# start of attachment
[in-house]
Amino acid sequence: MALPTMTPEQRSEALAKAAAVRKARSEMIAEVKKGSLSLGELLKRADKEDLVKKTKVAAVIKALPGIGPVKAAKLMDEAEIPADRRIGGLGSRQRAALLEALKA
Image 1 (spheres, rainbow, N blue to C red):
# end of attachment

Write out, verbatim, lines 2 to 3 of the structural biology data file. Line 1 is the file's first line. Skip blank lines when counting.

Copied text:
Amino acid sequence: MALPTMTPEQRSEALAKAAAVRKARSEMIAEVKKGSLSLGELLKRADKEDLVKKTKVAAVIKALPGIGPVKAAKLMDEAEIPADRRIGGLGSRQRAALLEALKA
Image 1 (spheres, rainbow, N blue to C red):